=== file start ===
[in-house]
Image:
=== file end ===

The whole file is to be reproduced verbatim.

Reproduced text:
[in-house]
Image: